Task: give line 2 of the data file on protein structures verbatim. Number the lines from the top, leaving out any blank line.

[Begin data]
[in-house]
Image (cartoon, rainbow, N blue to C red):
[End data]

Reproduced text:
Image (cartoon, rainbow, N blue to C red):